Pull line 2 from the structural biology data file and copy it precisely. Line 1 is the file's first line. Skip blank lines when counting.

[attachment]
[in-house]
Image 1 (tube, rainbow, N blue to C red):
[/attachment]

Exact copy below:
Image 1 (tube, rainbow, N blue to C red):